Perhaps when winter comes and the bats and gloves have been stored, it will turn out that the three games played in Shea Stadium this week between the New York Mets and St. Louis Cardinals will have meant nothing.
Perhaps second baseman Tommy Herr of the Cardinals will be proved right: "The pennant," he said today, "won't be decided in these games. It will be decided when we both play the noncontenders."
If so, what a shame. Because as the baseball fans of an entire city sat riveted for 48 hours, the Mets and Cardinals played three games rife with all those wonderful things that make people wax eloquent about the sport.
Today, the final glory belonged to Keith Hernandez. His opposite-field single in the ninth inning scored Mookie Wilson from second base to give the Mets a 7-6 victory before 46,295 fans, many of whom had watched in disbelief as the Mets blew an early 6-0 lead.
"If they had come back and won this game, it might have carried them for a long time," said Hernandez, who set the NL record with his 22nd game-winning RBI. "If we had lost, well, it would have been a real test of our character."
There is little to question in the character of either of these teams after these three games, each decided by one run. The Mets won the first, 5-4, then lost the second, 1-0. The teams leave town with the Mets one game ahead of the Cardinals in the National League East but knowing how narrow their margin was in both victories.
"We really had to have this one," said Manager Dave Johnson of the Mets. "I'm not saying it would have killed us with 24 games still left, but it would have hurt."
It would have hurt because this one started out as a walkover. The Mets got four runs in the first and two more in the second off 20-game winner Joaquin Andujar.
With their speed, the Cardinals never are out of a game. Quickly, they chipped back, getting three runs off Ed Lynch in the third and two in the fourth. It was 6-5 and suddenly the day darkened for the Mets.
"I think we showed them something," said Cardinals center fielder Willie McGee. "It would have been easy for us to lay down trailing by six, but we're not like that. We always think we can come back."
McGee is one of the major reasons the Cardinals think that. He came in today batting .360 and was three for five, including a ninth-inning home run off Jesse Orosco that tied the score at 6. That came after relief pitchers had shut the Mets down from the third inning on and after Orosco had come on in the eighth to get pinch hitter Brian Harper to ground into a double play.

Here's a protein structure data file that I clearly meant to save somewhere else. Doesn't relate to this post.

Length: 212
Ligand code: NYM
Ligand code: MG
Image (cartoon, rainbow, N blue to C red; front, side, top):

"When Jess got us out of that jam, I thought we had the game won," Johnson said. "He was throwing the ball very well . . . "
Orosco (6-5), the winner today, has become baseball's answer to Las Vegas and Atlantic City. Every time he comes in, it's strictly a dice-roll for the Mets.
Sunday, in Los Angeles, he gave up a home run to Mike Marshall, blowing New York's lead. Wednesday, he broke up a 0-0 pitching duel with a slider that Cesar Cedeno hit for the game-winning home run. Today, after his strong eighth, he began the ninth by getting Vince Coleman, who bunted to third baseman Howard Johnson.
That brought up McGee. "I'm just looking to drive the ball in that situation," he said. "He threw a pitch up, one that I often pop up. But this time I got it."
He got it over the center field fence as Orosco, booed when he came in, heard still more boos. The 6-0 lead of midafternoon had become a 6-6 tie.
"We needed a quick lift," Wilson said. "I felt like I had to get on, somehow."
He did. Jammed by one of Ken Dayley's good fast balls, he hit a chopper past the mound. With his speed, he will beat the play most times. But the St. Louis shortstop is Ozzie Smith, the man who has virtually reinvented the position.
"I've made the play a million times," Smith said. "People expect too much of me. If I make it, that's a super play. This time, I didn't."
He got to the ball quickly enough but threw into the dirt. Harper, in at first, couldn't scoop it. "If the first baseman catches the ball," Wilson said, "I'm out."
Instead, he was on first with what was ruled a hit. A moment later, he was on second, because Wally Backman, the Mets' best bunter, sacrificed perfectly.
Now, it was Hernandez's turn.
Dayley got a strike with a fast ball inside. Then he threw a fast ball outside. "I just went with it," Hernandez said. "I didn't hit it hard, but that doesn't matter."
As soon as the ball left Hernandez's bat, Wilson, the fastest Met, was off. He never stopped rounding third and any chance Coleman had in left of a miraculous throw was lost when he couldn't handle the ball cleanly. The Mets rejoiced.
They will meet again three times beginning Oct. 1 in St. Louis. Maybe by then Herr will have been proven right. But don't bet on it.